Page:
Continued: Confusion abounds
Medical billing is a mess. Even when a consumer is covered by insurance, confusion abounds. Doctors and hospitals often insist the consumer is ultimately responsible for the bills, saying medical providers bill insurers only as a courtesy. Yet frequently the providers have agreements with insurers and government agencies to accept discounted reimbursement as payment in full; the providers aren't supposed to pursue patients for payment.
Meanwhile, insurers are constantly changing what's covered and by how much, and providers move in and out of covered networks. Providers also claim some insurers deliberately drag their heels on reimbursements, adding to the chaos and uncertainty.
"Insurance companies are often contributing to the false reporting of medical debt," the Consumer Federation's Plunkett said, as tussles over payment increasingly get turned over to collection agencies.

Medical debt is no predictor of risk Even when medical debts are legitimately owed and left unpaid, though, some experts question whether they belong on credit reports.
There's no question that medical bills pose huge risks for the finances of many families. Medical problems were cited as a factor in nearly half of the bankruptcies studied by Harvard University professor Elizabeth Warren (.pdf file).

Still, many mortgage lenders who specialize in serving low-income communities have discovered that discarding medical debts often gives them a better picture of a borrower's true creditworthiness, said Michael Stegman, the director of policy for the MacArthur Foundation's program on human and community development.

"If all their other credit accounts are in good shape, or they haven't established credit but they've had no delinquencies on their rent," Stegman said, "the fact you have a bad medical debt or an outstanding judgment over a medical bill is not a good predictor of default."
One such lender, Self Help of Durham, N.C., has a 1% default rate on its mortgages, which public-policy director David Beck said is comparable to mainstream lenders that use credit-scoring formulas that take medical debt into account.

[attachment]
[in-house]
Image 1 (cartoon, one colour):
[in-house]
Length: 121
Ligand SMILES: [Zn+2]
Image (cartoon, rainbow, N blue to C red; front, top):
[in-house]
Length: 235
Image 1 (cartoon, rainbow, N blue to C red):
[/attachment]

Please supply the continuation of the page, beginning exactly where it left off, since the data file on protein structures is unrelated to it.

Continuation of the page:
"Our experience has been that medical debt isn't generally reflective of a borrower's ability or willingness to repay," Beck said.

It's not clear that these lenders' experiences with low-income borrowers can be extended to the population in general, but it's time to find out. Credit-scoring companies such as Fair Isaac, the creator of the leading FICO scoring formula, should research whether medical debt really is predictive or not.

In a bind? 4 tips Personally, I think we could solve much of the problem of unfair medical-debt reporting by excluding all collections under $100 from credit reports. I also think medical debts should be treated differently, with shorter statutes of limitation on collection and reporting (say, four years instead of the current seven), to reflect the fact that medical bills are a fundamentally different kind of debt from credit cards and auto loans.

Unless that happens, here's how to reduce the chances of your credit getting run over by medical debt:
Bird-dog your medical bills. Don't assume your health-care provider and your insurance company will eventually work it out. Follow up on every bill or claim with an unpaid balance. If a debt remains after more than a month or two, ask your provider and your insurer what the problem is and what you can do to help.
Negotiate if you're uninsured. As I discussed in "How to survive your hospital bills," you may be able to qualify for charitable assistance that could reduce or eliminate your bills. Even if you don't qualify, you should try to get the amount you're charged reduced to what an insurer or government agency would pay.